How wild is your headspace? Do you hear the same growls and pangs in your head as in your stomach? I’m not asking these questions to pique your interest. The asks are selfish. It’s so I feel less alone, less isolated in my own overthinking. My brain is ravenous. It binges on words, engulfs entire concepts and refuses to release until everything has teeth marks on them.
I am an overthinker. It makes my head heavy, and when I stand still, the weight of my own thought conquers me. I capsize beneath the gravity of invisible matter. They aren’t grandiose or something to marvel at. The only thing exquisite about my thoughts is the multitude of them and how I believe every last musing.
I overthink everything. Overthinking isn’t necessarily unhealthy but believing every frazzled notion is. Believing overwraught thoughts is the equivalent of consuming a parasite and expecting it to nourish you.
And maybe these ideations have a point. Perhaps they’re right, but only because I’ve defined things wrong. I constantly feel like I don’t belong. But perhaps belonging is a narrative I’ve penned in the wrong language. Isn’t belonging people who check in on you when you’re scarce? Isn’t belonging those who love you providing space when you need that? And if belonging isn’t connecting with people as your best and worst self in that moment, I don’t know what it is. I thought belonging was a clique. I mused it was an impenetrable group of friends who are all friends with each-other—a bonded continent of similarity. My community is not that. My community is a stellar plum sky. I am the common factor sewing constellations out of unattached stars.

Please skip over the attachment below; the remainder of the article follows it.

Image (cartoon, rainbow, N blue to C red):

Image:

I struggle with being loved. UGH—I hate writing that. My fingers graze the delete button. But the need to be loved, to feel that and hear it and know that we are howls through everyone. It is universal. Yet, there’s an associated shame to it—like we are needy for craving the juiciest, richest aspect of life. Don’t we all deserve that? And yes, I mean infrared romantic love. But I also mean familial love. I mean my mom texting me that she made banana cake because it’s how she says she misses me. It’s my little sisters admitting they can’t imagine the trajectory of their lives without me as a force. I mean we all deserve friends who give us all the soft when we’re trying to be stone. We deserve friends who we can fail and be met with compassion. We deserve communities and mentors who challenge us without penalty. Life owes you nothing. But I hope you dare to want things. We deserve good things. I deserve good things. I’ve never struggled so much to type a sentence in my life as that one.
My head is an Amazonian warground. It is a Hobbesian State of nature ruled by my dogged thoughts, and at times, it feels carnivorous inside my own head. But i am not my overthinking. I am not my mind’s perverse way of trying to protect me—mulling through every possible and impossible situation. It’s trying its best to keep me safe.
We aren’t our worst thoughts. We’re all a little insecure and scared, but most people, for the most part, are just doing the best they can. It never serves us to fall victim to caricatures drawn from a remark, an interaction, a situation that had nothing to do with us, yet we exaggerate our importance in the situation enough to create a belief around it.
We yield the divine right to celebrate our beings, but be aware that our purpose resounds with the purpose of others. We aren’t walking this alone, even when it feels like we are. So when I peel myself from my bed, when I shrink into every fear that I am all too much, I remind myself that I am this way because the world needs someone this way. I’m not this way for me. My survival is a vessel for others to do the same. So the thoughts don’t win. The failed scenarios my mind syndicates are not my magnum opus. They are the tabloids to my poetry, chatter not verse.
It’s midnight. My thoughts are restless as my body begs for sleep. I will stave off a new host of notions tomorrow. And I will hear them. Overthinking is a noisy brat in constant search of attention. But I won’t digest every toxic thought. I have to allow those empty calories to reach their expiration date and disappear without consuming the parasite. Because nourishment exists. Connection is how we all get full (whatever that is—music, sports, art, tech innovations, languages). Being vulnerable and uncomfortable and open—that’s the emotional buffet. You just have to be willing to eat what’s good for us and not the first thing our head serves us.